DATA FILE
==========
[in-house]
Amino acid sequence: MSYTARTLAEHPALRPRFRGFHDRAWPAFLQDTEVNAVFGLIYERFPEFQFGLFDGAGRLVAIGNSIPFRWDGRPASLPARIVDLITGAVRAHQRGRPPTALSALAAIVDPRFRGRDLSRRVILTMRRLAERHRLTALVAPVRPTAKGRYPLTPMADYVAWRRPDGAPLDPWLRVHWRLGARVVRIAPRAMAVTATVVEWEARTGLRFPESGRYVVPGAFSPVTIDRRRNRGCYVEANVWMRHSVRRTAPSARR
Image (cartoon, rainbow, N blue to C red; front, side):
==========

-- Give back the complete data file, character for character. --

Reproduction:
[in-house]
Amino acid sequence: MSYTARTLAEHPALRPRFRGFHDRAWPAFLQDTEVNAVFGLIYERFPEFQFGLFDGAGRLVAIGNSIPFRWDGRPASLPARIVDLITGAVRAHQRGRPPTALSALAAIVDPRFRGRDLSRRVILTMRRLAERHRLTALVAPVRPTAKGRYPLTPMADYVAWRRPDGAPLDPWLRVHWRLGARVVRIAPRAMAVTATVVEWEARTGLRFPESGRYVVPGAFSPVTIDRRRNRGCYVEANVWMRHSVRRTAPSARR
Image (cartoon, rainbow, N blue to C red; front, side):